This satellite image made available by NOAA shows Hurricane Michael, center, in the Gulf of Mexico on Tuesday, Oct. 9, 2018. (NOAA via AP) This satellite image made available by NOAA shows Hurricane Michael, center, in the Gulf of Mexico on Tuesday, Oct. 9, 2018 at 3:17 p.m. EDT. (NOAA via AP)

Column: If not now, when will we make the changes needed to stop global warming?

The thought of our children or grandchildren suffering from the ravages of climate change are unbearable to think about, too frightening to consider. So we don’t.

It’s a little like being a child with that monster under the bed.

It’s there, always in the corner of your mind, never allowing you to completely relax, to feel safe.

You can curl up tightly in the covers, immerse yourself in a book, think of other things, but it’s still there.

It’s only when you buck up your courage, roll onto your stomach and slowly, shakily, lower your head over the edge of the bed, and take an upside-down look below the mattress that things change.

The fear shifts. The monster in your mind relinquishes some of its power.

Climate change is a bit like that.

Forest fires rage, rivers flood, temperatures spike and fall to extremes, tornadoes and hurricanes blow, but we skip down the garden path, our shiny new pipeline under our arm, the gold coins from LNG jingling in our pockets. Still, we can’t quite relax and enjoy.

The thought of our children or grandchildren suffering from the ravages of climate change are unbearable to think about, too frightening to consider. So we don’t.

Related: UN report on global warming carries life-or-death warning

On Monday, however, the scientists of the world demanded we take a look. A hard look.

If we refuse to look we remain immobilized, powerless, distracted.

These scientists are not an extreme group out to frighten people.

Ninety-one authors and review editors from 40 countries, using more than 6,000 scientific references, prepared The Special Report on Global Warming of 1.5 degrees Celsius. They are the IPCC, the Intergovernmental Panel on Climate Change, an international group invited to make a report for the United Nations on climate change and what can be done.

If we humans continue on the path we are on, heedlessly releasing greenhouse gases into the air, the planet will reach 1.5C above pre-industrial temperatures by 2030 – just 12 years from now.

“One of the key messages that comes out very strongly from this report is that we are already seeing the consequences of 1 degree Celsius of global warming through more extreme weather, rising sea levels and diminishing Arctic sea ice, among other changes,” said Panmao Zhai, co-chair of one IPCC working group.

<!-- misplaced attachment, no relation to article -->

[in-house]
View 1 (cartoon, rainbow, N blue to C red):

Related: Canada needs to cut its emissions almost in half: UN

The report provides policy makers with the information they need to tackle climate change while considering local context and people’s needs.

“The next few years are probably the most important in our history,” states Debra Roberts, another working group co-chair.

So whether we’re environmentalists or not, whether we need the funds provided by the oil industry or not, this report is for all of us.

We all depend on the earth and, more importantly, so do the generations who follow.

If we’re not going to make substantial and decisive changes now, when are we?

Martha Wickett is a reporter with the Salmon Arm Observer.


@SalmonArm
marthawickett@saobserver.net

Like us on Facebook and follow us on Twitter

Just Posted

Sister of cancer victim cycles across Canada to raise awareness

Her journey started on May 14 and will end in early August

Top women’s hockey player Natalie Spooner coming to the Okanagan

Natalie Spooner special guest at annual Grindstone Award Foundation charity weekend in Kelowna

Woman in hospital after being thrown off horse

She was airlifted to Kelowna General Hospital from Okanagan Falls

Update: Washed out South Okanagan road temporarily closed for assessment

A portion of Eastside Road, south of Penticton, appears to be crumbling into Skaha Lake

Okanagan Regional Library hosts famous author

Author of The Woo Woo, Lindsay Wong will be in Kelowna Tuesday

‘Teams that win are tight’: B.C. Lions search for chemistry at training camp

The Lions added more than 50 new faces over the off-season, from coaching staff to key players

Update: Plan to see more smoke from South Okanagan wildfire

Richter Creek wildfire, 12 kilometres west of Osoyoos, is an estimated 400 hectares

Growing wildfire prompts evacuation of High Level, Alta.

Chuckegg Creek fire has been burning for several day, but grew substantially Sunday

Okanagan art gallery releases their theme

Fine arts painting will be the point of focus for this year’s event

South Okanagan search and rescue help injured climber

Search and rescue called on the assistance of a helicopter to help retrieve an injured hiker

Okanagan nature centre fundraiser goes western

Allan Brook’s Nature Centre Wine and Wild West Fundraiser is on July 6

Marriage proposal on the big screen at Enderby drive-in

Kelowna man gets engaged in front of hundreds to Vernon sweetheart

Take-home drug testing kits latest pilot to help curb B.C.’s overdose crisis

Researchers look to see if fentanyl testing could be a useful tool for those who use drugs alone

Firefighters respond to bus fire on Highway 1

Smoke in coach bus reported to have been caused by overheating, driver and passengers safe

Most Read